In the first part of Whispers Under Ground, Peter and Lesley are reunited, and a previous investigation continues even as a new one demands Peter’s attention…
It begins with a dead body at the far end of Baker Street tube station, all that remains of American exchange student James Gallagher—and the victim’s wealthy, politically powerful family is understandably eager to get to the bottom of the gruesome murder. The trouble is, the bottom—if it exists at all—is deeper and more unnatural than anyone suspects . . . except, that is, for London constable and sorcerer’s apprentice Peter Grant. With Inspector Nightingale, the last registered wizard in England, tied up in the hunt for the rogue magician known as “the Faceless Man,” it’s up to Peter to plumb the haunted depths of the oldest, largest, and—as of now—deadliest subway system in the world.
At least he won’t be alone. No, the FBI has sent over a crack agent to help. She’s young, ambitious, beautiful . . . and a born-again Christian apt to view any magic as the work of the devil. Oh yeah—that’s going to go well.
OK, so right away we seem to be getting a slightly different structure, in that the book is following a particular timeline. So there are only a certain number of days over which this story unfolds and is resolved? This is interesting because of the pacing implications – will it be over quickly? Or is this adherence to a timeline indicative of a much bigger crime and what may have led to it?
I wonder about that, because while Peter is taking on a murder investigation with Stephanopoulous and the Murder Investigation Team, Nightingale is elsewhere trying to track down information on their mysterious Faceless Man, who’s still at large after what happened in Moon Over Soho. Will these two investigations dovetail at some point, or is Nightingale going to be on his own when something bad happens? That sudden snowstorm might indicate that this is very possible…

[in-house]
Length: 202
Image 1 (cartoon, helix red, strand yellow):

It’s pure speculation at this point, but OH GOD DO NOT LET SOMETHING BAD HAPPEN TO NIGHTINGALE. (Again.)
Lesley is back! It is so good to see her staying relevant to the larger arc of the story here, and to see her learning BY HERSELF how to use magic, even if it’s only the most basic of spells (the werelight), gives me joy. Especially knowing that Nightingale has believed for so long that the number of wizards out there was dwindling and that magic is incredibly difficult to learn – what must he make of the fact that Lesley has both the ability and the determination to teach herself magic?
I was really worried that Lesley’s experiences in Rivers of London would effectively sideline her, or that she’d be left with no part to play other than Peter’s Friend With All The Problems. She undoubtedly must still have issues, but it is wonderful to see her fighting to get back to who she was, and drive her life forward, in spite of what’s happened to her. I do also worry slightly that her breakthrough into using magic might be driven by some kind of self-protective obsession, and that this might become dangerous, but for now I’m absolutely happy to have her back. YAY LESLEY.
And then there’s the latest weird murder. The student, in the Underground, with … the pottery? James Gallagher got stabbed with … what, a broken plate? Who (or what) kills like that?
I feel like there are, or should be, some clues here that point to something folkloric/fairytale-like, because I know that this is urban fantasy and such an explanation would make perfect sense here, but nothing about the facts we’ve got so far are ringing any bells for me. There’s usually at least one bell, so this is both intriguing and kind of bugging me! (I just like to know things, OK?)
So I am clueless and rather enjoying it, so far! WHAT IS GOING ON.